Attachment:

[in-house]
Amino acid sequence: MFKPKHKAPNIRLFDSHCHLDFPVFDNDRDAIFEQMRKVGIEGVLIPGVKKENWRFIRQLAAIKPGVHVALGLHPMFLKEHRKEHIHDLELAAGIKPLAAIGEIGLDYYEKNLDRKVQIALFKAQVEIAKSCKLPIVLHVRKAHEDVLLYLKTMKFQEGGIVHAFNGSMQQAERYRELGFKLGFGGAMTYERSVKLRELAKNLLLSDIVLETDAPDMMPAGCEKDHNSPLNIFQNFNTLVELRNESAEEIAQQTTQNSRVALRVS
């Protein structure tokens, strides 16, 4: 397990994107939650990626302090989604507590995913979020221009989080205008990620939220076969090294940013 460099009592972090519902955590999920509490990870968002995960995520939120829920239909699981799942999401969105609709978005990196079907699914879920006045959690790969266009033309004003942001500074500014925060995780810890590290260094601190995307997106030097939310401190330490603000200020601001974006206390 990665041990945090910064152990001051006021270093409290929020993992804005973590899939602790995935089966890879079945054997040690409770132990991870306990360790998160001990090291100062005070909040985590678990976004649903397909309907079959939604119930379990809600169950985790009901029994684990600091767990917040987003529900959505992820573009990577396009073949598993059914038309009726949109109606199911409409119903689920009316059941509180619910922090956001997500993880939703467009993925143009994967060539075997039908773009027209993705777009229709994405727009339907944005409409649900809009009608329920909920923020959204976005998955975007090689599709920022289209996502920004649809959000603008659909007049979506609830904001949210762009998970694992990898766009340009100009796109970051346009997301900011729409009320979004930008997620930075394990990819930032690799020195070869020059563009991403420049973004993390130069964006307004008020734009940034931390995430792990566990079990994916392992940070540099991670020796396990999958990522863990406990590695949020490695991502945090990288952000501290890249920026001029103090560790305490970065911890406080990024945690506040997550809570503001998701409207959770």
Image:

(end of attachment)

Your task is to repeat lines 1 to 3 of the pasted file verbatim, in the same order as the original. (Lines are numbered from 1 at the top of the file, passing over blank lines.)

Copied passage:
[in-house]
Amino acid sequence: MFKPKHKAPNIRLFDSHCHLDFPVFDNDRDAIFEQMRKVGIEGVLIPGVKKENWRFIRQLAAIKPGVHVALGLHPMFLKEHRKEHIHDLELAAGIKPLAAIGEIGLDYYEKNLDRKVQIALFKAQVEIAKSCKLPIVLHVRKAHEDVLLYLKTMKFQEGGIVHAFNGSMQQAERYRELGFKLGFGGAMTYERSVKLRELAKNLLLSDIVLETDAPDMMPAGCEKDHNSPLNIFQNFNTLVELRNESAEEIAQQTTQNSRVALRVS
């Protein structure tokens, strides 16, 4: 397990994107939650990626302090989604507590995913979020221009989080205008990620939220076969090294940013 460099009592972090519902955590999920509490990870968002995960995520939120829920239909699981799942999401969105609709978005990196079907699914879920006045959690790969266009033309004003942001500074500014925060995780810890590290260094601190995307997106030097939310401190330490603000200020601001974006206390 990665041990945090910064152990001051006021270093409290929020993992804005973590899939602790995935089966890879079945054997040690409770132990991870306990360790998160001990090291100062005070909040985590678990976004649903397909309907079959939604119930379990809600169950985790009901029994684990600091767990917040987003529900959505992820573009990577396009073949598993059914038309009726949109109606199911409409119903689920009316059941509180619910922090956001997500993880939703467009993925143009994967060539075997039908773009027209993705777009229709994405727009339907944005409409649900809009009608329920909920923020959204976005998955975007090689599709920022289209996502920004649809959000603008659909007049979506609830904001949210762009998970694992990898766009340009100009796109970051346009997301900011729409009320979004930008997620930075394990990819930032690799020195070869020059563009991403420049973004993390130069964006307004008020734009940034931390995430792990566990079990994916392992940070540099991670020796396990999958990522863990406990590695949020490695991502945090990288952000501290890249920026001029103090560790305490970065911890406080990024945690506040997550809570503001998701409207959770």